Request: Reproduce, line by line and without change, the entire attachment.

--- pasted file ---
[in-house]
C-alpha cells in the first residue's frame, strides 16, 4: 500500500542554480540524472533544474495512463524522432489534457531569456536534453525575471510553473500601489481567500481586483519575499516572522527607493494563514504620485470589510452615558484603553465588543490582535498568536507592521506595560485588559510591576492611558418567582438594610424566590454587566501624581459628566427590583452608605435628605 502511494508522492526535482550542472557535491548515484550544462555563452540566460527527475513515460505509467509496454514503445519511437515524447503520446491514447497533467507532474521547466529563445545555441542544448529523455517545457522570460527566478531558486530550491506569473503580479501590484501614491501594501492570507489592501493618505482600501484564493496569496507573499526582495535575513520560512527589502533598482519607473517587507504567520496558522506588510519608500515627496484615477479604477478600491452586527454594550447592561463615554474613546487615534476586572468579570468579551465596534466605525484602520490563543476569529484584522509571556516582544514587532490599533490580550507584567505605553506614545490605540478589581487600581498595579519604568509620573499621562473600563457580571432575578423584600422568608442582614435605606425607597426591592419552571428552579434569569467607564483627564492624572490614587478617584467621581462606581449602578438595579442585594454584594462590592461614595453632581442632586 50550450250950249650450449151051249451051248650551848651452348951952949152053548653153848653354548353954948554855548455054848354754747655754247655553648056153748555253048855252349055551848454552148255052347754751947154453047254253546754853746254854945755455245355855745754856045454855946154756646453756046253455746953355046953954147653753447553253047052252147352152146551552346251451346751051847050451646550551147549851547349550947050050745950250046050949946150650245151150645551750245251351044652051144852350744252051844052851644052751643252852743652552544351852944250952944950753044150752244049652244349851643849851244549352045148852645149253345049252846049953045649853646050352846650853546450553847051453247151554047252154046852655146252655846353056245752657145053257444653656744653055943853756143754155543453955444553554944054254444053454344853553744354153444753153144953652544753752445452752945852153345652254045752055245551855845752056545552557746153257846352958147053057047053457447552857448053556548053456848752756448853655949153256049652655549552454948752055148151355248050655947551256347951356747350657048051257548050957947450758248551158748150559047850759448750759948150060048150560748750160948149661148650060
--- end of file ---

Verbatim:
[in-house]
C-alpha cells in the first residue's frame, strides 16, 4: 500500500542554480540524472533544474495512463524522432489534457531569456536534453525575471510553473500601489481567500481586483519575499516572522527607493494563514504620485470589510452615558484603553465588543490582535498568536507592521506595560485588559510591576492611558418567582438594610424566590454587566501624581459628566427590583452608605435628605 502511494508522492526535482550542472557535491548515484550544462555563452540566460527527475513515460505509467509496454514503445519511437515524447503520446491514447497533467507532474521547466529563445545555441542544448529523455517545457522570460527566478531558486530550491506569473503580479501590484501614491501594501492570507489592501493618505482600501484564493496569496507573499526582495535575513520560512527589502533598482519607473517587507504567520496558522506588510519608500515627496484615477479604477478600491452586527454594550447592561463615554474613546487615534476586572468579570468579551465596534466605525484602520490563543476569529484584522509571556516582544514587532490599533490580550507584567505605553506614545490605540478589581487600581498595579519604568509620573499621562473600563457580571432575578423584600422568608442582614435605606425607597426591592419552571428552579434569569467607564483627564492624572490614587478617584467621581462606581449602578438595579442585594454584594462590592461614595453632581442632586 50550450250950249650450449151051249451051248650551848651452348951952949152053548653153848653354548353954948554855548455054848354754747655754247655553648056153748555253048855252349055551848454552148255052347754751947154453047254253546754853746254854945755455245355855745754856045454855946154756646453756046253455746953355046953954147653753447553253047052252147352152146551552346251451346751051847050451646550551147549851547349550947050050745950250046050949946150650245151150645551750245251351044652051144852350744252051844052851644052751643252852743652552544351852944250952944950753044150752244049652244349851643849851244549352045148852645149253345049252846049953045649853646050352846650853546450553847051453247151554047252154046852655146252655846353056245752657145053257444653656744653055943853756143754155543453955444553554944054254444053454344853553744354153444753153144953652544753752445452752945852153345652254045752055245551855845752056545552557746153257846352958147053057047053457447552857448053556548053456848752756448853655949153256049652655549552454948752055148151355248050655947551256347951356747350657048051257548050957947450758248551158748150559047850759448750759948150060048150560748750160948149661148650060